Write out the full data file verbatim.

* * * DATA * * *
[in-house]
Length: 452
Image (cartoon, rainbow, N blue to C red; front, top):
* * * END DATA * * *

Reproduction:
[in-house]
Length: 452
Image (cartoon, rainbow, N blue to C red; front, top):